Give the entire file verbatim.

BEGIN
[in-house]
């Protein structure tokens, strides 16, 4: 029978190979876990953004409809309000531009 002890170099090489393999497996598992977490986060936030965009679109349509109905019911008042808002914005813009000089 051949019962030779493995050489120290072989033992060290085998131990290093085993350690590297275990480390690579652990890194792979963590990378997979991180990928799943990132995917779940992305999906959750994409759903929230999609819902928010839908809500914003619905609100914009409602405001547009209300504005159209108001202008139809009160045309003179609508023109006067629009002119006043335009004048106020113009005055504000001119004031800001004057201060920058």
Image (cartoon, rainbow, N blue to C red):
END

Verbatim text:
[in-house]
């Protein structure tokens, strides 16, 4: 029978190979876990953004409809309000531009 002890170099090489393999497996598992977490986060936030965009679109349509109905019911008042808002914005813009000089 051949019962030779493995050489120290072989033992060290085998131990290093085993350690590297275990480390690579652990890194792979963590990378997979991180990928799943990132995917779940992305999906959750994409759903929230999609819902928010839908809500914003619905609100914009409602405001547009209300504005159209108001202008139809009160045309003179609508023109006067629009002119006043335009004048106020113009005055504000001119004031800001004057201060920058």
Image (cartoon, rainbow, N blue to C red):